Turkmenistan is one of the most repressive countries in the world, ruled by President Gurbanguly Berdymukhamedov and his personality cult. All fundamental rights and freedoms are extremely restricted, including freedom of expression, association and religion, and no criticism towards the government is tolerated. Anyone who exposes, or even hints at, the rampant corruption, injustices and incompetence is imprisoned and often forcibly disappeared. Turkmen authorities silence those who speak out about abuse, intimidate them from speaking to Turkmen human rights groups outside the country, and emotionally blackmail human rights activists who express concern. 

Since Khursanai Ismatullaeva’s case was heard in an international forum and has gained international visibility, authorities are likely retaliating against her, according to Human Rights Watch. Furthermore, every minute she spends in custody puts her at risk of torture or other ill-treatment, or coercion to confess to false charges as often happens in these cases in Turkmenistan. 

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INADEQUACY OF LAWS AGAINST CROSS-BORDER SEX TRAFFICKING OF NEPALI GIRLS

By Ayush Kumar, this was first published by RightsViews on the 8th of July

Globalisation has caused the emergence of new technologies that facilitate trading and transport making business more rewarding. This change had negative ramifications too, one is cross-boundary human trafficking. After arms and drugtrafficking, human trafficking is the third-largest crime in magnitude and profit. There are nearly 36 million victims of human trafficking in the world, out of which two-thirds are from Asia. 

Nepal and India lie in a region which suffers from widespread social as well as economic disparities twinned with a huge number of migratory flows between the two countries possibly because of the open and porous borders. India and Nepal abide by the Treaty of Peace and Friendship (1950) that gives permission for the free movement of people and goods across the border. It turns out that this friendship comes at a heavy cost as the open border has become a facilitating factor in numerous illegal practices, smuggling, and trafficking of people being one of the most frequent of such practices. It is estimated that around 50 girls are trafficked from Nepal to India on a daily basis. According to the National Human Rights Commission of Nepal, around 35,000 Nepali girls were trafficked between 2018-19.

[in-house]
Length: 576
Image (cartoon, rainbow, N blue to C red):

A bustling market in Kathmandu, Nepal. Photo by Laurentiu Morariu on Unsplash.

Nepal- A Patriarchy With Widespread Poverty And Unemployment

Nepali girls, in their early childhood, are denied access to basic education, equality, and personal autonomy because of the rigid Nepali patriarchal society. Parents creep away from spending resources on a girl child primarily because of high and persistent unemployment, widespread poverty, prospective dowry demands, and a cultural preference for a boy child. One major reason for widespread trafficking is child marriage, which is prevalent in both India and Nepal. In fact, fictitious love and marriage are used as a pretext for luring a victim or their family for trafficking. Parents marry off their girl child at a very early age, husbands then sell them off to brothels for monetary benefits. Many a time, traffickers promise better wages and better working conditions in foreign lands to lure the victim into the trap. This trick works only because the traffickers take advantage of the fact that there is widespread poverty and unemployment in Nepal. 

Effect of Covid-19 Pandemic And STDs

With Covid-19 in the picture, one-third population of Nepal, who lived close to the poverty line before the pandemic arrived, could fall below the poverty line. This will aggravate the economic conditions in Nepal. Additionally, research shows that disease outbreak acts as a major catalyst for the practice of trafficking. This is the reason why the authorities should be more vigilant as the risk of exploitation of Nepali women and girls is much greater now.

Further, women lose their basic human rights for a lifetime once taken away from their homeland. These girls brought to India as virgins suffer from diseases like HIV (Human immunodeficiency viruses) which not only jeopardise their health but also shut down any possibility of them going back to their country and getting accepted for a fresh start. One survey in Bombay indicated that 50% of female prostitutes were infected with HIV and other STDs (Sexually Transmitted Diseases). This is the reason why women who are not fit for sexual exploitation anymore choose to get into the trade themselves rather than getting back with their families.